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This month California took the bold, aggressively employer-unfriendly, step to ban new mandatory arbitration agreements between employers and their current and prospective employees. In layman’s terms – if you’re a business in California, say goodbye to forcing employees into arbitrating discrimination, retaliation or harassment claims brought under state law. At least new ones. If you have a current agreement with mandatory arbitration included, it isn’t criminal or necessarily unenforceable; you still have a chance at compelling arbitration if the agreement was in place before January 1, 2020. And, yes, as that sentence implies, employers commit a criminal misdemeanor if they condition continued or future employment on agreeing to arbitrate claims. California evidently takes its mandatory arbitration laws seriously.

This is not the first time California has attempted to limit, or ban altogether, arbitration agreements. Earlier attempts were overturned by courts finding the Federal Arbitration Act (FAA) preempted the state’s limits on businesses requiring arbitration of its customers or employees. This new California law will not take effect until January 1, 2020, and while ostensibly designed to avoid the fate of its ancestors, there is a definite chance federal courts will similarly overturn this law.

While California receives much of the business community’s ire on this issue, it is not the only state trying to limit employers from forcing employees into private and confidential arbitration. Maryland, New York, Vermont, and Washington have all passed their own laws seeking to limit or prohibit employers from forcing employees with claims of harassment into arbitration. These states’ efforts are directly related to the #Metoo movement as the governments seek to ensure employees have the opportunity to bring their claims to the public through the court system versus being stifled and forced to private, confidential arbitration. But despite these efforts the power of the public policy behind the FAA is strong and already New York’s ban was overturned earlier this summer by a federal court.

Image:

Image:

Until the FAA is amended, tossed by Congress, or overturned by the courts (none of which are foreseeable) states’ efforts to ban arbitration agreements involving employees are likely to be challenged and preempted by this federal law. Still, this highly potential outcome is unlikely to deter many states. This is, after all, California’s third attempt. Maybe they have learned their lesson with the language of the new arbitration ban, maybe not. Probably not. While this is being sorted out, however, employers are going to have to pay attention and seriously weigh whether to continue the practice of mandating arbitration of discrimination, harassment and/or retaliation claims in California and other states with similar bans.

If you have any questions regarding arbitration agreements and their strategic value, contact any Labor & Employment attorney at Thompson Coe. Or, if you’re a member of the myHRgenius subscription HR legal counsel program, email or call 651-389-5000 any time.

Thompson Coe and myHRgenius Tip of the Week is not intended as a solicitation, does not constitute legal advice, and does not establish an attorney-client relationship.


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Kevin M. Mosher

Kevin M. Mosher


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